Deadly Portfolio is an absorbing page turner that, to me, was about greed and what people are capable of when they feel cornered. Set in an upscale lakeside community, it opens with Matthew Wirth, an investment broker, calling in his junior executive to inform him of some bad news. Their most important client, the McAllisters, had decided to transfer their account to another company.
The junior broker, named Morrie Clay, doesn't take this well. He resists, insisting that they try to dissuade the client from taking such a step. But Matthew is a man of integrity, and does not want to upset the McAllisters. In addition to being a friend, Mr. McAllister has been a loyal customer whose investments have been a great benefit to them for years.
When Morrie reacts by storming out of the office, it is surprising to all. But Matthew resigns himself to it. The junior executive is set to take over the firm upon Matthew's pending retirement, and thus stands to lose from the McAllisters' exit. But Matthew sees it as a temporary setback, and believes that all will work out well in the end.
What he does not know is that Morrie has good reason to be concerned. He had illegally placed a trade with the McAllister's account without their permission. And the trade has lost big. So the process of transferring the account will reveal this impropriety. At the least this would destroy their careers. At the most, it could mean jail time.
Morrie goes home and informs his wife, the beautiful Monica. A sharp, calculating woman, she has great ambitions. She tries to calm her husband, and they struggle to find a solution to their problem. Could they change Matthew's mind about talking the McAllisters out of their decision? Could they possibly stall the transfer until Morrie could find a way to fix the bad trade? They decide to wait until after a July 4th party being held at the Wirth's. All the neighbors and friends would be there, including the McAllisters.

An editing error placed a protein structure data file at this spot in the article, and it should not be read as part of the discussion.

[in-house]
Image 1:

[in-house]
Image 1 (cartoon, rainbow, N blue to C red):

The party is a great one. There are happy couples, unhappy couples, drunks, and lots of inappropriate flirtation. Until jealousy causes one of the guests to stumble out drunk and despairing of life. And suddenly there is an opportunity for murder. In comes Detective Raker, a tough low key Colombo type determined to find the truth. Thus begins a cat and mouse game that culminates in an ending you're not likely to forget anytime soon.
The characters are very well drawn. They feel real and I was interested in learning more about them and following their paths in this story. The bad guys aren't totally bad; they have motivations that anyone can understand. The writing itself was well done, and there were descriptions that were simply beautiful. My criticism would be that there were grammatical mistakes, but these do not take from a great story. Well done, author.
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